Tuesday, September 29, 2009

Back to school

‘Trop d'école tue l'école’ Potschke

Well I'm sorry it's been so long. I'd like to say that I've been busy, but quite the opposite is true. I have been simultaneously doing very little and living life to the max. It's been wonderful, especially on those rare occasions that the sun shone over Forest Gate this summer. Also, I haven't had a cigarette since the 7th July. Well, I've had like one-and-a-half, but they didn't count. It hasn't been so tough, but I'm finding it very hard to work without smoking. Usually I have a cigarette every 200 words, or whenever I feel I've written something worth writing, or whenever I get tired. Nowadays I write 200 words... then I just stop writing. My My Documents is crammed with things I started working on, vowed to finish, deserted for one second to make a cup of NRT tea, and then abandoned. The time it takes for the kettle to boil is just long enough for me to lose concentration and/or interest.

Anyway, if I successfully complete any of these you can look forward to my opinions on everything from abortion to John Le Carré over the coming unspecified time-span. I'm back at university and so blogging will move up my priority list. Summer Holiday Priorities
1. Lie in sunshine
2. Drink Polish beer in sunshine
3. Go camping
4. Watch the Ashes
5. Never get out of bed before noon, if at all
6. Eat 99 Flakes
7. Go to Proms
8. Do very little in Dalston
9- 42. Other activities
43. Blog

Term-time Priorities
1. Get up every day
2. Blog
3. Read books unrelated to my course
4. Look at Wikipedia
5. Find a new place to live
6. Spend hours in Drapers slagging off the beer, décor, ambiance, bar-staff
7. Pretend not to do very little in Walthamstow
8. Think about smoking with the cool kids
 9. Actual degree-related work

 I went back to school yesterday. It hadn’t changed much. People at my university tend to be monosyllabic, obtuse and smell of cheap wine, and the students aren’t much better boom boom. I picked up ‘Cub’, our student magazine. It had an expensive-looking new design and was printed on thick, matt, A5 paper. Daring. Inside, among a lot of faked ‘readers-write-in’ features stolen from London’s free papers, was an editorial by Sam Cunningham explaining to those of us who had forgotten why they were at university. Whilst others sit around unemployed worrying about how they’re going to afford to pay the mortgage, you have the opportunity to relax and sit out the worst of the recession, and will be ready to walk into the influx of new jobs when the market picks back up again. There really has never been a better time to be a student and there may well never be another. For your information, Sam Wanker Cunningham, I am at university for three reasons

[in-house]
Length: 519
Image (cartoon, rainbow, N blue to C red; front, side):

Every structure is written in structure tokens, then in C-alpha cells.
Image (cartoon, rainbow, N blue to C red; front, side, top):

1. To learn stuff- both the stuff taught on my courses and other stuff. Which I have time and energy to learn because I don’t come home from work exhausted at 7pm every day on a dangerously overcrowded tube train.
2. Because my pre-university job which I loved, although easy enough that an intelligent 12-year-old could have done it (not brilliantly as I did it, but adequately), refused to pay me a living wage unless I got myself a degree.
3. I was terrified that if I left it any longer the fees would go up even more. I’m already paying more than £3000 a year. But mostly number 1 (I’m in a lists mood tonight). ‘Ride out the recession’. Huh. A student living in London can barely pay the rent with their entire maximum yearly loan. Afterwards they must rely on grants, or part-time jobs, or, more likely, on their parents, who are just as affected by the recession as anyone else. At the same time they’re likely to be racking up fees loan of over £10,000 for an undergraduate degree. Cunningham is talking nonsense, which is what I have learnt to expect. Students are poor. Like all poor people, they will suffer during a recession. And it’s painful to hear education dismissed as some kind of investment- we have nothing to invest! Except, like the princess in Rumpelstiltskin, our future first-born-child. Anyway, plenty of people can give you the facts on student poverty and student debt. But I’ve been at university for over three years now, and it breaks my heart that I have yet to come across a decent, well-written article.

I used to live with a woman who had been active on her student paper, and like the paper itself she was middle-class, middle-of-the -road, amoral and frankly boring. Call me a snob but that barely surprises me coming from Sussex University. But I don’t know any evil, selfish, reactionary, over-wealthy, flippant spoiled brats at Queen Mary (well, maybe a couple, but they all study Politics) and yet that’s all I see in Cub. These idiots are giving student journalism an even worse name than it already had (and then going on to fuck up the entire media, but you kind of expect that). Student magazines could be almost-censorship free, and where else can that happen? (Except on my blog). Instead, students censor themselves, and student magazines end up not just bland and politically impotent, but also boring, ignorant and offensive to the majority of students who are neither of these things.

1 comment:

Anonymous said...

Write them yourself. Seriously, student journalism needs people like you. If you need more life coaching, you know where I am.